4 common foods causing early puberty in girls

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early-puberty-in-girls(NaturalHealth365) Puberty is a milestone in a boy’s or girl’s life that occurs when he or she becomes sexually mature. Boys usually reach this milestone between the ages of 12 and 16, while girls attain it a little earlier between 10 and 14 years old. The major landmarks of puberty for boys include pubic hair, genital growth, and the first ejaculation. For girls, it is comprised of pubic hair, breast development, and the onset of menstruation.

As children already grow quicker than their parents want them to, recent research is revealing American girls are entering puberty earlier than ever before. The average age for breast development is now 9 years old. However, some rare cases are showing girls as young as four years old are precociously entering puberty.

Why are young girls entering puberty at such an early age?

This precocious puberty is triggered by a premature hormone release. Studies indicate that endocrine disrupting chemicals are the contributing factor.

Additionally, experts say that starting puberty earlier can be metabolically dangerous. For girls, starting menstruation early “is a risk factor for depression during adolescence and breast cancer during adulthood.”

Caffeine and aspartame blamed for early onset puberty in girls

According to a recent longitudinal study published in the American Journal of Clinical Nutrition, a high consumption of caffeinated soft drinks are the culprit to early onset puberty in girls.

The National Heart, Lung, and Blood Institute and Healthy Study followed 1,988 American girls for 10 years. Approximately half were Caucasian, and the other half were African American. Researchers examined prospective associations between caffeinated and non-caffeinated sugar, as well as artificially sweetened sodas, and early menstruation. They also examined the link between early onset puberty and intakes of caffeine, sucrose, fructose, and aspartame.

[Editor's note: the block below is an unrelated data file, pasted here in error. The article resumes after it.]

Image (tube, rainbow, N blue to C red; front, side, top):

The findings of the research determined that consumption of caffeinated and artificially sweetened drinks with aspartame were positively associated with the risk of early puberty in both races of girls.

Sugar-sweetened beverages associated with early menstruation

Published in the journal of Human Reproduction, another study found that sugar-sweetened beverage consumption was linked to early menstruation in girls.

The Growing up Today Study, a prospective cohort study analyzed 5,583 girls (also pre-menarche at baseline) from the ages of 9 and 14 in the United States between 1996 and 2001. Consumption of non-carbonated fruit drinks, sugar-sweetened soda, and iced tea were also reported.

Girls who consumed more sugar-sweetened beverages were found to begin early menstruation. Girls who reported consuming greater than 1.5 servings per day were 24 percent more likely to begin puberty at an earlier age when compared to girls who drank less than two sugar-sweetened beverages per week.

Recent study indicates high salt triggers early puberty in girls

Recently, the first study was published in Medical Hypotheses on linking salt intake and puberty induction girls. Scientists hypothesize that a high salt diet (such as consumed in westernized diets) can result in early onset puberty through three mechanisms which are not mutually exclusive:

1. High salt activates a hormone (neurokinin B) that is involved in both the reproductive axis and salt regulation.